LONDON – Western Australia’s Aviair is looking to acquire a 70 seat turboprop to serve the subsidised routes by the Australian government. Aviair is a regional airline, charter flight operator, regular public transport (RPT) operator and scenic air tour operator. The regional operator operates out of Broome and Karratha, Western Australia and is headquartered in Kununurra.
New Government Funding Offers Options
The Western Australian Regional Government is committing to more than AUD $4 million (US$2.8 m) to expand the state’s regional flight network, and grant subsidies to operators. This scheme aims to subsidise flight routes to remote towns and areas that are unreachable or cut off from major urban areas. These are ‘life lines’ for rural goers depending on these air services for transport and supplies.
Rita Saffioti, the Western Australian Transport Minister stated that:
“This $4 million investment is another way the McGowan Government is taking the lead on increasing access to air services through reduced airfares in regional WA.
“The proposed expansion of inter-regional air services will provide further opportunities for more jobs in regional WA.
“Having larger aircraft capacity on the air routes will not only allow more passengers to use the services but will stimulate demand by reducing airfares.
“This expanded air service will open up new employment, business and leisure opportunities across the Mid-West, Pilbara and Kimberley regions.”
The government plans include establishing a route operated by Aviair that would connect Karratha to Geraldton beginning of next year’s second quarter. This will enable small and medium business and mining companies in the region to be closer to their respective supply chain and to shave-off travel time between the two urban areas. Without these services, passengers will have to connect via Perth.
Member of the Western Australian Legislative Assembly (MLA) Lara Dalton stated that: “The expansion of the Inter-Regional Flight Network to include Geraldton will allow more regional residents to be able to travel long distances safely between the Mid-West and northern regions to take up FIFO opportunities as well as improve the connectivity for businesses without the need to transit through Perth.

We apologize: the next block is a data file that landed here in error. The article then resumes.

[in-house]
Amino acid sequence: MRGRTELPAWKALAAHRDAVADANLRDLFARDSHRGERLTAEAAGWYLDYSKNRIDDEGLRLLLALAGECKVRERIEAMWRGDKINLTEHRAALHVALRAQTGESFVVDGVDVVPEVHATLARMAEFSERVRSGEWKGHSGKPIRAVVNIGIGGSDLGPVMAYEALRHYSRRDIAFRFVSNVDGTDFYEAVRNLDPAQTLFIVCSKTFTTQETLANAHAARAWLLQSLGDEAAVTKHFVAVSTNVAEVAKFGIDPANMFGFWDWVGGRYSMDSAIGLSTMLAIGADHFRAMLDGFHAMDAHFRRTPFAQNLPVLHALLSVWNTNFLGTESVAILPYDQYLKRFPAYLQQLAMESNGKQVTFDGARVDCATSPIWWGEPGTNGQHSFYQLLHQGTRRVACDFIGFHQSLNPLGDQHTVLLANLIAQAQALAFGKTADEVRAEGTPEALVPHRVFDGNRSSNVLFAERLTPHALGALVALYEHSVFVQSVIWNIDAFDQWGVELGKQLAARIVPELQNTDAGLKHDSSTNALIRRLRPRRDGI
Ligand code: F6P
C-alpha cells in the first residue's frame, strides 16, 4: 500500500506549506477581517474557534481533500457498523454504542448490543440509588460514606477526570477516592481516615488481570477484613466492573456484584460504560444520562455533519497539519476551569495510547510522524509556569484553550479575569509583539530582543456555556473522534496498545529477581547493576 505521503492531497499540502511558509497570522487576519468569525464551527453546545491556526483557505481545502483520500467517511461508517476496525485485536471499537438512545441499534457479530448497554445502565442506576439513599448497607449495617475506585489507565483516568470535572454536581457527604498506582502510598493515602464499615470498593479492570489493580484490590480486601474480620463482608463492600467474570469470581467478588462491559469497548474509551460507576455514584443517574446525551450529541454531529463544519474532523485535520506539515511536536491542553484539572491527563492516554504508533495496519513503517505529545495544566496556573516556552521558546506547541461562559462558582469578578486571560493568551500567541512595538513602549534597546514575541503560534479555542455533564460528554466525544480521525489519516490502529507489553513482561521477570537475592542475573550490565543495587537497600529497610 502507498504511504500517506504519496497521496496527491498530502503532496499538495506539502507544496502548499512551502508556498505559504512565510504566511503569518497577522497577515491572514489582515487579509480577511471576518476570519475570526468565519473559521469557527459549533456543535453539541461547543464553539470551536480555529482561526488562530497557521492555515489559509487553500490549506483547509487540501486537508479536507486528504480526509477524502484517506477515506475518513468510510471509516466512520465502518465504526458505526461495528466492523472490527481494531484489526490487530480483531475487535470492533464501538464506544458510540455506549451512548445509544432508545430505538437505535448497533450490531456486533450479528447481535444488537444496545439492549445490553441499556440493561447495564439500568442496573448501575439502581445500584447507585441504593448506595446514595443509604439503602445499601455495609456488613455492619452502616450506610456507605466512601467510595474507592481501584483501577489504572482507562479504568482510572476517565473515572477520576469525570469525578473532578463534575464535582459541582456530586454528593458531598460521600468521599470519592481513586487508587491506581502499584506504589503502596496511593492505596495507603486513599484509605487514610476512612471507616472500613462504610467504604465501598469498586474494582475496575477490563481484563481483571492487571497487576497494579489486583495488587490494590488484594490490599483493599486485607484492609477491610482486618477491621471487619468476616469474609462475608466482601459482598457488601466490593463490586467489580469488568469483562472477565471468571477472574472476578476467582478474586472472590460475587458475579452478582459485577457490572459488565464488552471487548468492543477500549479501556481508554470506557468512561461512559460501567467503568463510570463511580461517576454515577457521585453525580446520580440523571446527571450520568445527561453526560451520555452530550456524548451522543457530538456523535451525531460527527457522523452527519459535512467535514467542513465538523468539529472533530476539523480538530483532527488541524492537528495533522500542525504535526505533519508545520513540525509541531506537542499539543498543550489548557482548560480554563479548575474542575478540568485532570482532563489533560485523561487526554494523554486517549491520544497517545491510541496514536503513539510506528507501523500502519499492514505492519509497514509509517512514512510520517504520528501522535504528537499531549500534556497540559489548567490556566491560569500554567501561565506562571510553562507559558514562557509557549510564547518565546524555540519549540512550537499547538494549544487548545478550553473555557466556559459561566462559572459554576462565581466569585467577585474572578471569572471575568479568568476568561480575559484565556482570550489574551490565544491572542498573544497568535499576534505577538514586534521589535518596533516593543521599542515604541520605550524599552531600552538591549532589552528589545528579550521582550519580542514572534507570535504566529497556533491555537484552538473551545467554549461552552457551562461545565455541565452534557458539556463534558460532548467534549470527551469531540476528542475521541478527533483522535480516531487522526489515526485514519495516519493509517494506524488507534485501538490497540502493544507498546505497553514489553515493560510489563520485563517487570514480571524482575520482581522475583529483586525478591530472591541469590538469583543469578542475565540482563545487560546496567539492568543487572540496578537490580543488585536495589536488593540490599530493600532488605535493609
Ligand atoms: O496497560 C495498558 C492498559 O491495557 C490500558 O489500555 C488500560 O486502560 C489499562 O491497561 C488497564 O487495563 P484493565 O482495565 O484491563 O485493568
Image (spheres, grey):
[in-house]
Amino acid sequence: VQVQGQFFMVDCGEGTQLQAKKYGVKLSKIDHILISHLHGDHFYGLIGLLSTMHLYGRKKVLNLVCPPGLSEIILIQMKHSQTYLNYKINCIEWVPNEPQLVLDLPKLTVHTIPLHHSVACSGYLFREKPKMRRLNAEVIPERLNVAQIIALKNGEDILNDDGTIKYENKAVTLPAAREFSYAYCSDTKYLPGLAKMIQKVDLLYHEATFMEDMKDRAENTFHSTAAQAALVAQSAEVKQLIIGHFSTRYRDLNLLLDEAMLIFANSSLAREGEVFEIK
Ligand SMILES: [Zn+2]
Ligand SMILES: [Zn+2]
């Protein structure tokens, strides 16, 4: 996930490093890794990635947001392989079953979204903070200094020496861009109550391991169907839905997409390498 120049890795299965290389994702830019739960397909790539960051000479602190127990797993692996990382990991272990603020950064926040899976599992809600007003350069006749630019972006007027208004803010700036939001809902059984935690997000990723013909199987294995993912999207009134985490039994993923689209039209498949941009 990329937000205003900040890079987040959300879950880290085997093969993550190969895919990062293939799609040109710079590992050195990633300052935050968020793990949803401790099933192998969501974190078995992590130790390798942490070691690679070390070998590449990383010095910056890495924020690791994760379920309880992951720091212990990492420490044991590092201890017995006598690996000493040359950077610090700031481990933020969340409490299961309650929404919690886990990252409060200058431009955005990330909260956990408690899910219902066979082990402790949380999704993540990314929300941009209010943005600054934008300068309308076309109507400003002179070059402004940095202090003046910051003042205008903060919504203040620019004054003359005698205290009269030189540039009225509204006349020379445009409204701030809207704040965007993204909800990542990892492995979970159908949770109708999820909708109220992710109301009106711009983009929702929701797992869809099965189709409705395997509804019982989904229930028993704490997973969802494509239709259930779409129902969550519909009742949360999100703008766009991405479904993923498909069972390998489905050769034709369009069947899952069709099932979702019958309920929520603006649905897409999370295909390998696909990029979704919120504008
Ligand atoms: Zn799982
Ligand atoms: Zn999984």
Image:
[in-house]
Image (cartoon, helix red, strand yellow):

“This is a great opportunity that will create more jobs within our region and keep businesses and families in the Mid-West.”
Looking at the economic benefits
Apart from its economic benefits, it is important to note that the Western Australian aerial route network is largely a ‘hub and spoke’ model, with Perth Airport being the largest city; by default, it is a hub.
The government’s inter-regional flight network (IRFN) subsidy programme with AUS $4 million will assist the operating cost associated with flying between the two cities.
Aviar hence’s plans to upgrade its fleet to support the IFRN initiative with a 76-aircraft seater from a nine-seater aircraft.
Currently, no decisions have been made on which aircraft types have been chosen, by the two aircraft types that match the requirements are the ATR 72 and the De Havilland Aircraft of Canada Dash 8-400. With larger capacity, the government hopes that this will bring the average price per seat down.
As of today, Aviair’s fleet consists of Beechcraft King Air B200, Cessna 208 Grand Caravan, Pilatus PC12, GippsAero GA8 Airvan, Cessna Citation Mustang aircraft and Bell Jet Ranger, Bell Long Ranger and Robin R-44 helicopters.